In “Small Great Things” Ms Picoult confronts prejudice, privilege, social and moral obligation and so many other issues head-on. She is empathetic but honest, nothing is sugar coated, but nor is it dramatised; this is real life not a soap opera; it is at times an uncomfortable read, forcing the reader (whoever they are) to look from a different angle to their natural perspective, but this is what Picoult does best! What really struck me as I was reading the book was a comment from Kennedy:
“I don’t think about being white. I told you the first time we sat down – I don’t see color” – page 238
What really hit me was that we live in such a colourful world – a world where colour is used to describe pretty much everything, a red coat, blue sky, purple shoes…. in Steven Spielberg’s epic film, “Schindler’s List” the image that stayed with everyone who watched it was the tiny girl in her red coat – the only flash of colour in the film, yet, in order to be politically correct and create a world of equality we are deliberately blinding ourselves to the colour of other people. What Kennedy is trying to say is that she doesn’t let people’s colour affect her judgement. In reality her refusal to see Ruth’s colour means that she struggles to see where Ruth is coming from, the battles she has had to fight, the barriers she has come up against, the experiences that have shaped her life, and this casts a cloud over the case – she feels that the case is not race related; Ruth firmly believes it is.
I have recommended this book to so many people. Personally, I found it a lot easier to read than “To Kill a Mockingbird” – as a fan of Jodi Picoult’s writing anyway, it was easy just to slip into the book, an already familiar writing style, challenging, questioning and to the point! I think it is every bit as relevant as “Mockingbird”, and I really wish it could have been on my reading list when I was at school – I think it is a book that would fit perfectly into so many subject area’s, Literature, Citizenship, Ethics….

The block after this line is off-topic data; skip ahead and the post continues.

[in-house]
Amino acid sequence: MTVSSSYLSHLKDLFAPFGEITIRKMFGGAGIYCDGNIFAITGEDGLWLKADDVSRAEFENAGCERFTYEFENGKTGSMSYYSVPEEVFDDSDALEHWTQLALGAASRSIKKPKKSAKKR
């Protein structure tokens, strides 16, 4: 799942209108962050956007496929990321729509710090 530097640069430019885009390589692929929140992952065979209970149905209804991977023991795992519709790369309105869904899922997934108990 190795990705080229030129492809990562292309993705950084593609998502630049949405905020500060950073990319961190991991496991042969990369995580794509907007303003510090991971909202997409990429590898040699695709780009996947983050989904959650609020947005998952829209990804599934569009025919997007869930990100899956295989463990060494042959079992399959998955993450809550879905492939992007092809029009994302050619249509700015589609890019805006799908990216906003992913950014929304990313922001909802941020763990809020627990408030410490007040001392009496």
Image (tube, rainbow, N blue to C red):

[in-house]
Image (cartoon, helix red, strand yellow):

I finished “Small Great Things” maybe three months ago, and it has taken me this long to process my thoughts. When I finished reading the book, if anyone would have asked me if this was my favourite Picoult book I would probably have said no. I would have been hard pressed to choose between “Plain Truth” and “Leaving Time“; now however, I think it might be. There hasn’t been a day when “Small Great Things” has not popped into my head in some way – driving home and seeing a sunset; how is it ok to see the vibrant oranges and reds and value them for the way they shape our day, make our journey that bit brighter but it’s not ok to see and appreciate beauty of someone’s skin tone? People should not be defined by physicalities, it is absolutely what is inside that counts, but when, in our quest to create absolute equality, do we go too far and in trying to do the right thing, actually cause inequality? When does political correctness become very incorrect? How in a world where every single person is very very different, is it possible, or fair, to try to treat everyone the same? Everybody is not the same; actually, no one is the same as someone else, even identical twins do not share exactly the same experiences; everybody has their own story, influencing factors that have shaped the way they see their world, and these differences need to be taken into account – when there are so many shades, tones and hues, black and white is not an option.
There are quotes from other writers peppered throughout the book, used to break up sections so the story; my favourite is the one by Maria Christina Mena, pictured above. I think this sums up how I feel about “Small Great Things“. It is a long time since a book has had such a profound affect on my thoughts, in fact I think this might be up there with “Pollyanna“and her Glad Game; I know it is going to stay with me for a long time and I am glad of it. I am pleased that I waited to read it as it truly deserved the dedicated time and thought.